- 07-232 Valerio Lucarini
- Response Theory for Equilibrium and Non-Equilibrium Statistical Mechanics: Causality and Generalized Kramers-Kronig relations
Oct 4, 07
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Abstract. We consider the general response theory recently proposed by Ruelle for describing the impact of small perturbations to the non-equilibrium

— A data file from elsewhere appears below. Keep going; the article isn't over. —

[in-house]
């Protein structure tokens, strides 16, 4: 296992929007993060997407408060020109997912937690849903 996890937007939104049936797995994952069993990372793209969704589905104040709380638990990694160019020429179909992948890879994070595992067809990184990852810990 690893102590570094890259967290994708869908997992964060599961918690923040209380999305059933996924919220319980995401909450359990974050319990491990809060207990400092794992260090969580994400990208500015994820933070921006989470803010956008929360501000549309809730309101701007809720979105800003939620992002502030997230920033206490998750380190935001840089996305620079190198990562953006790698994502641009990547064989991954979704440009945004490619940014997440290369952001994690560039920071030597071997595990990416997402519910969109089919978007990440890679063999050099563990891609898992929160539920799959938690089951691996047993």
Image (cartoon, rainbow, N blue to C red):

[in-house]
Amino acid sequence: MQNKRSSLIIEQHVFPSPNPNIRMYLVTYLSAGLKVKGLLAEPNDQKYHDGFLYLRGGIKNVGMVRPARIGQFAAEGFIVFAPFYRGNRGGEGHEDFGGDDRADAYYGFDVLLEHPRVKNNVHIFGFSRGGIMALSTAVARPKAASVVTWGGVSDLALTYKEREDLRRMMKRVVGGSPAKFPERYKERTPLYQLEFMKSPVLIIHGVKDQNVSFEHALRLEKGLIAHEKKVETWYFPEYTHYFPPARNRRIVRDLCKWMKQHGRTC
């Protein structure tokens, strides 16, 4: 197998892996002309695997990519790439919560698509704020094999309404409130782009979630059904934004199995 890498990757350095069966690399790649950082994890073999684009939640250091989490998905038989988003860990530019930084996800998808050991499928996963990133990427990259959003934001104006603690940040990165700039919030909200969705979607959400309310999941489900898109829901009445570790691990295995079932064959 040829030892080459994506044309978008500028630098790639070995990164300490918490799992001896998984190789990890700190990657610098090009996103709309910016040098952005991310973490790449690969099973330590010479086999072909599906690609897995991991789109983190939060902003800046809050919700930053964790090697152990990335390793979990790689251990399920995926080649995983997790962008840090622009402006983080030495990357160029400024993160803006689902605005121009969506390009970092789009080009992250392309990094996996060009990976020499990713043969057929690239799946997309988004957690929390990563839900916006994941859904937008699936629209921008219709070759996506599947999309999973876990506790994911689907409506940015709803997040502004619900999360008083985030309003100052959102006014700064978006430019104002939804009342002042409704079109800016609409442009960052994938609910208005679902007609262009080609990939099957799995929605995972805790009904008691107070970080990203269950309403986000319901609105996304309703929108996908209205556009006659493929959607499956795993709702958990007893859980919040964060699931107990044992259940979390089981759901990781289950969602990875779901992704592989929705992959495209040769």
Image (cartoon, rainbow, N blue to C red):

steady states resulting from Axiom A dynamical systems. We show that the causality of the response functions entails the possibility of writing a set of Kramers-Kronig relations for the corresponding susceptibilities at all orders of nonlinearity. Nonetheless, only a special class of directly observable susceptibilities obey Kramers-Kronig relations. The apparent contradiction with the principle of causality is also clarified. Specific results are provided for the case of arbitrary order harmonic response, which allows for a very comprehensive Kramers-Kronig analysis and the establishment of sum rules connecting the asymptotic behavior of the harmonic generation susceptibility to the short-time response of the perturbed system. These results set in a more general theoretical framework previous findings obtained for optical Hamiltonian systems and simple mechanical models, and shed light on the very general impact of considering the principle of causality for testing self-consistency: the described dispersion relations constitute unavoidable benchmarks that any experimental and model generated dataset must obey. In order to gain a more complete picture, connecting the response theory for equilibrium and non equilibrium systems, we show how to rewrite the classical response theory by Kubo for systems close to equilibrium so that response functions formally identical to those proposed by Ruelle, apart from the measure involved in the phase space integration, are obtained. Finally, we briefly discuss how the presented results, taking into account the chaotic hypothesis by Gallavotti and Cohen, might have relevant implications for climate research. In particular, whereas the fluctuation-dissipation theorem does not work for non-equilibrium systems, because of the non-equivalence between internal and external fluctuations, Kramers-Kronig relations might be more robust tools for the definition of a self-consistent theory of climate change.